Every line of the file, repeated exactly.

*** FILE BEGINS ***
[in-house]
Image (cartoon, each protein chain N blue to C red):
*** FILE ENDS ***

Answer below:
[in-house]
Image (cartoon, each protein chain N blue to C red):